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Oracle® Database Backup and Recovery User's Guide
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30 Performing User-Managed Database Flashback and Recovery

This chapter describes how to restore and recover a database and use the flashback features of Oracle Database in a user-managed backup and recovery strategy. A user-managed backup and recovery strategy means a method that does not depend on RMAN.

This chapter contains the following topics:

Performing Flashback Database with SQL*Plus

Oracle Flashback Database returns your entire database to a previous state without requiring you to restore files from backup. The SQL*Plus FLASHBACK DATABASE command performs the same function as the RMAN FLASHBACK DATABASE command: it returns the database to a prior state.

Flashback Database requires you to create a fast recovery area for your database and enable the collection of flashback logs. See Chapter 18, "Performing Flashback and Database Point-in-Time Recovery" for more details about how the Flashback Database feature works, requirements for using Flashback Database, and how to enable the collection of flashback logs required for Flashback Database. The requirements and preparations are the same whether you use RMAN or SQL*Plus.

To perform a flashback of the database with SQL*Plus:

  1. Query the target database to determine the range of possible flashback SCNs. The following SQL*Plus queries show you the latest and earliest SCN in the flashback window:

    SELECT CURRENT_SCN FROM V$DATABASE;
    
    SELECT OLDEST_FLASHBACK_SCN, OLDEST_FLASHBACK_TIME 
    FROM   V$FLASHBACK_DATABASE_LOG;
    
  2. Use other flashback features if necessary to identify the SCN or time of the unwanted changes to your database.

  3. Ensure that the target database is mounted.

    The following commands start the database in MOUNT mode.

    SHUTDOWN IMMEDIATE;
    STARTUP MOUNT;
    
  4. Start SQL*Plus with administrator privileges and run the FLASHBACK DATABASE statement to return the database to a prior TIMESTAMP or SCN. For example:

    FLASHBACK DATABASE TO SCN 46963;
    FLASHBACK DATABASE TO TIMESTAMP '2002-11-05 14:00:00';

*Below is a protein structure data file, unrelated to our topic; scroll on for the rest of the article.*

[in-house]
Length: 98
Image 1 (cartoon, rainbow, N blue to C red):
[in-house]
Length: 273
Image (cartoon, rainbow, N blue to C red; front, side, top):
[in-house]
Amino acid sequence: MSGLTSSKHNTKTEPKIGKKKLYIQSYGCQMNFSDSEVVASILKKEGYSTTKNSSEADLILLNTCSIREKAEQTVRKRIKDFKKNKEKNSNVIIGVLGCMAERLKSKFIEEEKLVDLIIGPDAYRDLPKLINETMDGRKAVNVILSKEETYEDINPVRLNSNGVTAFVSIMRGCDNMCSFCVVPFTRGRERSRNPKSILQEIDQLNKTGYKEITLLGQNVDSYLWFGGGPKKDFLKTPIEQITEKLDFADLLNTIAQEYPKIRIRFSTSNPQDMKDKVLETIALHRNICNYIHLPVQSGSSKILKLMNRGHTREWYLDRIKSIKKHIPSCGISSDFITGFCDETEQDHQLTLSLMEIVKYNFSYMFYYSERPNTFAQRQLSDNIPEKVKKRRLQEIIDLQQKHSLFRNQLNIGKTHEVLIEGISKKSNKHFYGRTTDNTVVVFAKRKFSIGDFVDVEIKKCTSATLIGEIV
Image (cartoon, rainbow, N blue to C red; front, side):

FLASHBACK DATABASE 
      TO TIMESTAMP to_timestamp('2002-11-11 16:00:00', 'YYYY-MM-DD HH24:MI:SS');
    
  5. When the operation completes, open the database read-only and perform queries to verify that you have recovered the data you need.

    If your chosen target time was not far enough in the past, then use another FLASHBACK DATABASE statement. Otherwise, you can use RECOVER DATABASE to return the database to the present time and then try another FLASHBACK DATABASE statement.

  6. When satisfied with the results, open the database with the RESETLOGS option.

    If appropriate, you can also use Data Pump Export to save lost data, use RECOVER DATABASE to return the database to the present, and reimport the lost object.

See Also:

Oracle Database Development Guide to learn how to use related flashback features such as Oracle Flashback Query and Oracle Flashback Transaction Query

Overview of User-Managed Media Recovery

This section provides an overview of recovery with SQL*Plus. This section contains the following topics:

About User-Managed Restore and Recovery

Typically, you restore a file when a media failure or user error has damaged or deleted one or more data files. In a user-managed restore operation, you use an operating system utility to restore a backup of the file.

If a media failure affects data files, then the recovery procedure depends on:

  • The archiving mode of the database: ARCHIVELOG or NOARCHIVELOG

  • The type of media failure

  • The files affected by the media failure (data files, control files, archived redo logs, and the server parameter file are all candidates for restore operations)

If either a permanent or temporary media failure affects any data files of a database operating in NOARCHIVELOG mode, then the database automatically shuts down. If the media failure is temporary, then correct the underlying problem and restart the database. Usually, crash recovery recovers all committed transactions from the online redo log. If the media failure is permanent, then recover the database as described in "Recovering a Database in NOARCHIVELOG Mode".